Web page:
Concrete inFocus - Spring 2014 - (Page 14)

sustainability Fuel Saving Tips NRMCA committee members speak out W e asked the members of NRMCA's Operations, Environmental and Safety Committee about their best advice for saving on fuel and increasing efficiency with truck mixers. Here are some of their responses. We would like to thank all of the producer members who contributed to this story as well as the following members of the NRMCA Manufacturers, Products and Services Division: Command Alkon, Mack Truck, Marcotte Systems Ltd., and Verifi LLC. CALIFORNIA: LIMITING IDLING EQUIPMENT Pursuant to our environmental best management practices and our fuel reduction goals as well as state law, we don't let our mobile equipment stay idle for more than five minutes unless absolutely necessary. Acceptable reasons for idling include: * Equipment is queuing * Verifying that equipment is in safe operating condition * Testing, servicing, repairing or performing diagnostic tests * Necessary to accomplish work for which the equipment was designed * Required to bring the equipment to safe operating temperature * Necessary to ensure safe operation of the equipment NORTH CAROLINA: IDLING DURING MIXER LOADING In looking at when a mixer is loading, where is the breaking point to where we can idle back the engine and still get full charge of the mixer? Everyone thinks that the truck engine has to be at full RPM at this time. I think this will increase our fuel savings and save on wear on the engine. Someone I am sure has already done this, but I am taking a shot at it! 14 ı SPRING 2014 CALIFORNIA: CONTROLLING MIXING SPEED One of largest impacts we have had on reducing fuel cost is controlling mixing speed. We implemented Verifi in Q3 of 2013 and have already seen a 21 percent reduction it total drum revolutions. If 22 percent of fuel cost are related to mixing, this is a very dramatic savings and we are seeing the results. ARKANSAS: BETTER MONITORING Monitoring fuel consumption and tire air pressure, and maximizing load efficiency. We do not give this the priority needed but are working in that direction. SOUTH DAKOTA: DIALING IN ON WATER MANAGEMENT We do some of the things many people do, like training our people to shut off their trucks if they are going to be waiting to load for more than a few minutes. But one that maybe not everybody thinks of is in the batching process. When we are loading trucks at a dry batch plant, we try to make sure that we use the correct amount of water. Of course, when you start a new day batch, you normally try to aim a little low so you don't blow the slump out the top. But if you have to add water several times after the initial batch to get the correct slump, every time you mix you are burning more fuel. So head packing, or even just guessing wrong on water addition, leads to additional mixing at full revs and so much more fuel consumption. Correctly determining the right amount of water can save a lot of fuel. This is something our field reps and Q/C people work on as well. OKLAHOMA: A FEW TIPS * * * * * * Reduce speed parameters in ECM Set idle time parameters in ECM Proper tire inflation Set progressive shifting parameters in ECM Train drivers with automatics to use economy mode Keep fuel storage tanks as clean as possible of microbial growth and moisture contamination * Keep truck engine tuned and properly maintained for maximum fuel efficiency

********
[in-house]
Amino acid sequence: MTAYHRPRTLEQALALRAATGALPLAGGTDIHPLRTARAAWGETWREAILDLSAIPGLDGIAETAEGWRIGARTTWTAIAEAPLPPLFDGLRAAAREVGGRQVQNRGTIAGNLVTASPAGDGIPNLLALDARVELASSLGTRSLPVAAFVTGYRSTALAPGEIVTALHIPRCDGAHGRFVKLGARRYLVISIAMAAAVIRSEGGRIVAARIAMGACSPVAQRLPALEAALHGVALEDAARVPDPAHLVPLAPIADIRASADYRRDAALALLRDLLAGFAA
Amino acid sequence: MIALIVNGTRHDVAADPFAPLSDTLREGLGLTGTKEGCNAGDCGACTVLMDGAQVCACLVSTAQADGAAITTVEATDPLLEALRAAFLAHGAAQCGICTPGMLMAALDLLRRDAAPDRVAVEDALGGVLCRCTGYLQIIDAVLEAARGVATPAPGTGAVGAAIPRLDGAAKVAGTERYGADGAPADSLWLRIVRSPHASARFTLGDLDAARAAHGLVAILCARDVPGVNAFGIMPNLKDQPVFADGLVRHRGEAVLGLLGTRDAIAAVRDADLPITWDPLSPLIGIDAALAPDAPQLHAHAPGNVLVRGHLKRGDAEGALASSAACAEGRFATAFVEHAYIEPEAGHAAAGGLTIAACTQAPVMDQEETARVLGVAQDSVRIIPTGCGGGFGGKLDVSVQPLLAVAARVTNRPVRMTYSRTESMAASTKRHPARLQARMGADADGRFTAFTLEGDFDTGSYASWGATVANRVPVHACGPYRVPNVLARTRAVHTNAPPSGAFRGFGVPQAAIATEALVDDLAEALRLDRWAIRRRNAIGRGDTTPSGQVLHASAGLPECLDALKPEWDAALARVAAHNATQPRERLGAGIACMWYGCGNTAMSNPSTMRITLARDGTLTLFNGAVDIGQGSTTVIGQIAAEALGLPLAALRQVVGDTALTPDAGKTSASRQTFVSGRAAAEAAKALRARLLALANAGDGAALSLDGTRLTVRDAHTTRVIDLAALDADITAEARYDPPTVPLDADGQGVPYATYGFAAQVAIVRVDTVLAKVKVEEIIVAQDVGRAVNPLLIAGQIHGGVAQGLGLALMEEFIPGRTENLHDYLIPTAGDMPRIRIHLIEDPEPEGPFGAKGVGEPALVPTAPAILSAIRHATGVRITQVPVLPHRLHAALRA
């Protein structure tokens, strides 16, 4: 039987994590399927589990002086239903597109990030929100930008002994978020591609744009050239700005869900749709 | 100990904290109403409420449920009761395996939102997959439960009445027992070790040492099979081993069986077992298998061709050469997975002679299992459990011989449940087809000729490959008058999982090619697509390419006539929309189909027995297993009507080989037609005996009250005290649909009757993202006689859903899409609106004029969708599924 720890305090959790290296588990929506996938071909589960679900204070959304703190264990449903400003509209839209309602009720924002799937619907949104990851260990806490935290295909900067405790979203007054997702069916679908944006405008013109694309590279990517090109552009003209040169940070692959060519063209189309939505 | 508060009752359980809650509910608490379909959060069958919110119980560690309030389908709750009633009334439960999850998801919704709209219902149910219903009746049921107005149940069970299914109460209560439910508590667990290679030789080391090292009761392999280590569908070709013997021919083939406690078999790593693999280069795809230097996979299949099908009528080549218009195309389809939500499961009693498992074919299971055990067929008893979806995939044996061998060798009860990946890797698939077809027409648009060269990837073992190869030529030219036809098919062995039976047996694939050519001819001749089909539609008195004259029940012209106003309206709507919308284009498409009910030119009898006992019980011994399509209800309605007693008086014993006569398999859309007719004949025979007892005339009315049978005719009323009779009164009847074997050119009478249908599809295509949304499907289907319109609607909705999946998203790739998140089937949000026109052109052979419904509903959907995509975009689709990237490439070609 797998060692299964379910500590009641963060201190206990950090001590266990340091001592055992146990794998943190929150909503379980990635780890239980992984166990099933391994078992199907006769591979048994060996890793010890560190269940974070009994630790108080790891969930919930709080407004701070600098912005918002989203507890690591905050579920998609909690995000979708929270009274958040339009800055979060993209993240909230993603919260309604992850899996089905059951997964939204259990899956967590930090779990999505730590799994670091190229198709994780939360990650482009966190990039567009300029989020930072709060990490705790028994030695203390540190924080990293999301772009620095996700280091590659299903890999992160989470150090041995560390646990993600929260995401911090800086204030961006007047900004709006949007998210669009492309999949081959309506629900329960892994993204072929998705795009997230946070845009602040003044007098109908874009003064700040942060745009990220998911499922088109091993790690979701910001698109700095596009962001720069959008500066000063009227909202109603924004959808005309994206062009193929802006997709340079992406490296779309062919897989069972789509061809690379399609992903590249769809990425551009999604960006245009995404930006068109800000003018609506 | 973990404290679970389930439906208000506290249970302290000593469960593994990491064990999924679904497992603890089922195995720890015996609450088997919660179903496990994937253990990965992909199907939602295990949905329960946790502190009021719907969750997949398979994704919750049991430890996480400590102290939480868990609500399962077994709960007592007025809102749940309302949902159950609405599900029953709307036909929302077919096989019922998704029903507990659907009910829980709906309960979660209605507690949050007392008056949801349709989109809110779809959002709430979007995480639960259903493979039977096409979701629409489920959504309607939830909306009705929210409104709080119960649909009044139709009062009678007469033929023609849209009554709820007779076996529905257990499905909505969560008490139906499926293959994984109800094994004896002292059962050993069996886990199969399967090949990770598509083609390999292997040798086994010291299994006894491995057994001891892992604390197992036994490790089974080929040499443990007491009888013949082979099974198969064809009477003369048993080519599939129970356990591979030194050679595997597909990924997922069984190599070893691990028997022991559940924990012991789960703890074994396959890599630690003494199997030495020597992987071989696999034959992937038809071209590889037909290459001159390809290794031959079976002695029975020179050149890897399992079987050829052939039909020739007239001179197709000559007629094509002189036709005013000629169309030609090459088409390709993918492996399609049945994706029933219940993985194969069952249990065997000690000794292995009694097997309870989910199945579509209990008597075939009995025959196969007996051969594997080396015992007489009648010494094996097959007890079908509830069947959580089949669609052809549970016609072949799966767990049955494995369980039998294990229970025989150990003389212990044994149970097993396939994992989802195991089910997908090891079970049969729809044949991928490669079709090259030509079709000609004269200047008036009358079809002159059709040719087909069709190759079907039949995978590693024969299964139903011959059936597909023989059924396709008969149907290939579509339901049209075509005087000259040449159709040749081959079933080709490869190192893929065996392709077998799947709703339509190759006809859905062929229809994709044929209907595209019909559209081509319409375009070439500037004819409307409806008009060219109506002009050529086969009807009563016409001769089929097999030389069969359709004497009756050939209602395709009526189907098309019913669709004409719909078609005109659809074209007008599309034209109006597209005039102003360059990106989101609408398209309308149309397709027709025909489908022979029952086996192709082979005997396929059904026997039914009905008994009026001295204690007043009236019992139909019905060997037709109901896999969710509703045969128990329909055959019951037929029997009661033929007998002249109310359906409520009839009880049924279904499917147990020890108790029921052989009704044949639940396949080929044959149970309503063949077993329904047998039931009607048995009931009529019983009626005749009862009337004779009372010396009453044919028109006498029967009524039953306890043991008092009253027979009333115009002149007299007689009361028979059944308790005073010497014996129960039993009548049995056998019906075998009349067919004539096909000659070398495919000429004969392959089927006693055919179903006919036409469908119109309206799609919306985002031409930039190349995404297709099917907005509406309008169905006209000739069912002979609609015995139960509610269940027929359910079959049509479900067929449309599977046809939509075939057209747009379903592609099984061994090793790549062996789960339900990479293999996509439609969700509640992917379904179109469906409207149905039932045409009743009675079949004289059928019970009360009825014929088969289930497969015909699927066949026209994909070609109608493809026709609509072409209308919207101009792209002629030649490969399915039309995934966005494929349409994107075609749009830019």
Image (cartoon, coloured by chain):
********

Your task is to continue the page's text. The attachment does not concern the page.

Table of Contents for the Digital Edition of Concrete inFocus - Spring 2014

Emergence of Compressed Natural Gas
MMC Materials Converts to Compressed Natural Gas
Fuel Saving Tips from Coast to Coast
Responsible Sourcing for Concrete
NRMCA Services and Tools
Index of Advertisers
Corporate Suite
Concrete Mixer Trucks and the Environment: Get the Connection?
Pavement Roughness and Fuel Consumption
CEMEX ‘Job-Safe’ Program Wins NRMCA 2013 Innovation in Training Award

Concrete inFocus - Spring 2014

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